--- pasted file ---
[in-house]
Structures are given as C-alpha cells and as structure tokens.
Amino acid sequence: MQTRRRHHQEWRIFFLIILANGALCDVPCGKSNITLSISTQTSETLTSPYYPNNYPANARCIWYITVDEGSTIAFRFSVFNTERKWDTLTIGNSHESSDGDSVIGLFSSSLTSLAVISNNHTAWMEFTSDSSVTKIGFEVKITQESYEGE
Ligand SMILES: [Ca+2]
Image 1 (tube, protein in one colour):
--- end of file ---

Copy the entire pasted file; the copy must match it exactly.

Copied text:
[in-house]
Structures are given as C-alpha cells and as structure tokens.
Amino acid sequence: MQTRRRHHQEWRIFFLIILANGALCDVPCGKSNITLSISTQTSETLTSPYYPNNYPANARCIWYITVDEGSTIAFRFSVFNTERKWDTLTIGNSHESSDGDSVIGLFSSSLTSLAVISNNHTAWMEFTSDSSVTKIGFEVKITQESYEGE
Ligand SMILES: [Ca+2]
Image 1 (tube, protein in one colour):